New Blood Test Depicts Exposure to Pesticides

A simple, fast, and inexpensive blood test accurately detected the level of exposure to potentially harmful pesticides among agricultural workers, according to a NIOSH-funded study at Washington State University in Pullman, Washington, and the University of Washington in Seattle. The study appeared in the journal Biosensors and Bioelectronics.

Pesticides are a common agricultural aid that can help increase harvests. The problem is that over-exposure to some pesticides can cause serious health problems such as nerve damage, so worker protection, including exposure monitoring, is critical. At NIOSH, the Pesticide Surveillance Program monitors work-related illness and injury from exposure to pesticides.

Currently-available tests for exposure monitoring are expensive, time-consuming, and require special equipment and trained personnel. To address this issue, the scientists created and verified a simple, inexpensive blood test that could be used to quickly diagnose exposure among agricultural workers.

The so-called sandwich ELISA test is unique in its ability to measure the level of immune response-triggering molecules or antigens. Much like the commercially available pregnancy tests, this test comprises a treated strip that reacts in the presence of specific protein molecules, or enzymes. In this case, the treated strip changed color in the presence of enzymes produced by the liver after exposure to phosphorus-based pesticides.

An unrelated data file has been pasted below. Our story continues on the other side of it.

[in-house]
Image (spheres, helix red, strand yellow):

To verify the test’s accuracy, the scientists measured the level of pesticide exposure in 124 blood samples from study participants who had worked with pesticides in orchards or on cotton farms in Washington State or Pakistan. They found that the test accurately and quickly measured pesticide exposure by detecting pesticide-related enzyme activity and the total amount of enzyme in the blood.

With the goal of making the test commercially available, the scientists now are verifying its accuracy and developing software to enable its use in the field.